Since the unrest and headline grabbing events in Egypt during 2011, the country has been trying to rebuild its tourism industry. The major tourist resorts like Sharm El Sheik in South Sinai are keen to welcome visitors, and have lots to offer adventure seeking families looking to get beyond the beach and experience some Egyptian style adventure action.
Please Note: The UK Foreign Office has travel advisories in place for Egypt. At the time of publication these do not include Sharm El Sheik or nearby resorts, although we recommend you should check for the latest advice before making plans to visit.
Get Your Pulse Racing in Egypt
When you think of Egypt beyond the bustling cities, you probably think of relaxing at Red Sea resorts like Sharm El Sheikh, Taba, Nuweiba and Dahab, with their baking beaches and all inclusive hotels. But if you travel to Sharm el Sheikh you’ll discover there's much more to do there than lower your pulse rate by lying on a beach. There's plenty on offer for active adventure seekers, like these six Egyptian style adventure ideas we think could help get your pulse racing instead of falling.
1 Climb Mount Sinai
Mount Sinai or Moses Mountain is a literally a summit of bibilical proportions. If you can drag the kids out of bed in the middle of the night, there is nothing like the experience of climbing this 2285m mountain overnight to watch the sunrise from the top. It's not the highest peak in the area but it's high enough for a morning climb! At sunrise the colours will be magnificent, and you’ll be able to see for miles over the barren desert land. And it has a small Greek Orthodox chapel at the top, something else to aim for.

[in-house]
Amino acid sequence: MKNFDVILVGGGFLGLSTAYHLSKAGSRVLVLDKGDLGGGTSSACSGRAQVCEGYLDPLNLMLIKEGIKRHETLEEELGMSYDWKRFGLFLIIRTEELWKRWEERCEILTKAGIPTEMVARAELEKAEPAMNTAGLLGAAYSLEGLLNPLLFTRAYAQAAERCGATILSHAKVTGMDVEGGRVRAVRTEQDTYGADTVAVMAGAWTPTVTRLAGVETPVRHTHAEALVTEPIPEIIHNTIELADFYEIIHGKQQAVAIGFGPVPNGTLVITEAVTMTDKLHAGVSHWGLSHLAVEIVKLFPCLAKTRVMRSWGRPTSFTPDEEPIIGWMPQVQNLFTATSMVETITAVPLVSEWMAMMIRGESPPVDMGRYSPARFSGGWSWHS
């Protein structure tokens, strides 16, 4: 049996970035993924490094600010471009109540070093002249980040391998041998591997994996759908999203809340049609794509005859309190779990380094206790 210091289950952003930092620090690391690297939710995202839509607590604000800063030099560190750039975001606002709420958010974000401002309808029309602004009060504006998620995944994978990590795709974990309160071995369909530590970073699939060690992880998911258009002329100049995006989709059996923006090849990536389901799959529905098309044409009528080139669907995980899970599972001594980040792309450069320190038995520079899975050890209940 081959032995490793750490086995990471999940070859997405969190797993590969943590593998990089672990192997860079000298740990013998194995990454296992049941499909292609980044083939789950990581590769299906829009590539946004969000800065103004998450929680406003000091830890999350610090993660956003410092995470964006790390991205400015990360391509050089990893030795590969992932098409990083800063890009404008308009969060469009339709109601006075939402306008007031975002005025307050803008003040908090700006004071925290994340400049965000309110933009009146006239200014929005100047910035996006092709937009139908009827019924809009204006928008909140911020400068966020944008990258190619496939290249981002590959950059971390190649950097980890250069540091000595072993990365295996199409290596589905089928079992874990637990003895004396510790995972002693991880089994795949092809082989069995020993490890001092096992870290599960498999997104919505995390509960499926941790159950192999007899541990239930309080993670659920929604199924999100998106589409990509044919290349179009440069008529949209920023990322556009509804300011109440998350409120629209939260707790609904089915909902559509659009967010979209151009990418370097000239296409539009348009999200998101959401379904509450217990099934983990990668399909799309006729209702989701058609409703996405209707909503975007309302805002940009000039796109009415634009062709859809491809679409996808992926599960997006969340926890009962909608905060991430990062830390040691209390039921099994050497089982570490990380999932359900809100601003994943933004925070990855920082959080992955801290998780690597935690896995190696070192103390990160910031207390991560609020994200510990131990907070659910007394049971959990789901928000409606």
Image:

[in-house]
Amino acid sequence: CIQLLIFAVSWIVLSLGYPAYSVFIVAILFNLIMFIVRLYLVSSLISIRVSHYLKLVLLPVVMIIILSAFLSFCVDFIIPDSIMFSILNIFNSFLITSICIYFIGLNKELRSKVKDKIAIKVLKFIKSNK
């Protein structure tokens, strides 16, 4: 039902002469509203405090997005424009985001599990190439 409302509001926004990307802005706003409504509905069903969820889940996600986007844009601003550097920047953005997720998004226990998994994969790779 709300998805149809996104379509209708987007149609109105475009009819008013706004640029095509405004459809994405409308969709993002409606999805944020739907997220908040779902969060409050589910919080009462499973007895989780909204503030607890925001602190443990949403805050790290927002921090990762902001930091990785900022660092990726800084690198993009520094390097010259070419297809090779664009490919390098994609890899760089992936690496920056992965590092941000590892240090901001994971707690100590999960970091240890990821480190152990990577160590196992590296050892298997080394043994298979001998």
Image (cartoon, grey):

On the way back down, you can stop at Saint Catherine’s Monastery, situated at the foot of Mount Horeb. The Greek Orthodox St Catherines is one of the world's oldest functioning monasteries and is situated near the place where, according to Old Testament, Moses received the Ten Commandments and saw the burning bush. It's a special place, sacred in Christianity, Islam, and Judaism and a UNESCO World Heritage Site.
2 Try hot boarding, sand skiing or sand surfing
If you're an action sport family and fancy the idea of sports like skiing or surfing but don't like the idea of getting cold or wet, then you'll probably love sandboarding, sand skiing, dry surfing or hot boarding. Basically you'll take to the desert dunes to ski, board or surf, safe in the knowledge that sand never melts and that if you or the kids fall over, there’s a soft landing. Be warned though, this is no hedonistic ski resort, you'll have to earn your pleasures by climbing up the dunes with your gear before you slide back down.
Interestingly, this is no new sport, it's said the Ancient Egyptians knew about sliding down sand dunes using planks of hardened pottery and wood. But while the equipment may have changed, one perennial problem remains; you may still find sand grains in your ears a week later. Still that's a small price to pay for the fun and exercise you can have.
3 Travel by the ship of the desert
You can't really come to the desert and go home without experiencing the most traditional form of desert transport, a ride on a ship of the desert, a camel. But don't expect a nice relaxing time riding on the back of a camel. No, staying stable on top of these charming animals involves some serious balance work, as you rock backwards and forwards and try and stop yourself falling off.